Ludwig Angina: rapid cellulitis/infection of the submental, sublingal and submandibular spaces bilaterally. Usually due to dental infection. Upper neck/floor of the mouth swelling. Usually requires definitive airway since systemic abx can sometimes take a week to fully resolve the swelling. Ask patient to extend tongue past vermillon border of upper lip – if able to do this, unlikely sublingual space involved.

Neck Masses: Squamous cell carcinoma is most common cause of cancer in the neck – RF include smoking/alcohol use. Mucoceles and mucus retention cysts can form. Ranula: sublingual mucus retention cyst. Plunging ranula occurs when it extends into mylohyoid muscles. In adults > 40yo, lateral neck masses that persist > 6 weeks are malignant in 75% of cases. Branchial cleft cyst: painless fluctant masses anterior to anterior border of sternocleidomastoid muscle. Enlarge after sinus infection.

Posttonsillectomy Bleeding: 1-6% after tonsillectomy. Half require surgical intervention. Most bleeding occurs at day 5-10 post-op due to sloughing of fbrinious debris. Higher risk the older you are. Keep head elevated, consider apply gauze pack with soaked thrombin/1% epi. Consider running suture through pack and taping to face to make sure patient doesn’t aspirate the gauze. Can also consider silver nitrate.

Recurrent respiratory papillomatosis: earlier in very young or in your 20s (due to STD). Due to HPV 6/11. Wartlike lesions without ulceration near glottis. Can cause stridor/hoarseness.

Angioedema: 4 types: 1) Hereditary angioedema caused by C1 esterase inhibitor deficiency. AutoDom. Diagnosed by measured C1 esterase inhibitor level. Cinrye, C1 inhibitor approved for use for prophylaxis for known hx. FFP can help though some pts can get more edematous with FFP. ACE inhibtors and estrogens can increase risk of attacks. 2) Angiotensin-converting enzyme inhibitor-induced angioedema: usually within first month of use. More common in blacks. Medication causes increased bradykinin. Other types: immunoglobulin E-mediated type I allergic reaction and idiopathic. Tx: for severe cases, give epi 1:1000 IM 0.3mg max or consider giving racemic epi at same dose. Give every 15-20min. Also give benadryl 25-50mg and high dose steroid (for later rebound swelling). Isolate uvula edema can be early sign of angioedema. If mild, given decadron 4mg IV/PO as single dose.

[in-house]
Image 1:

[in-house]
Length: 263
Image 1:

References

Tintinalli, Seventh Edition, Chapter 241: Infections and Disorders of the Neck and Upper Airway

CrashingPatient.com, Scott Weingart, Ear, Nose, and Throat ENT

 

241. Infections and Disorders of the Neck and Upper Airway

240. Oral and Dental Emergencies

Anatomy

Diseases/Disorders

Teething: either primary or deciduous teeth. Irritability, drooling, decreased oral intake. Fever/diarrhea not necessary associated with it.

Pericoronitis: infection/inflammed operculum (gingiva above erupting third molar/wisdom tooth). Tx like most dental abscess: PCN VK or clindamycin.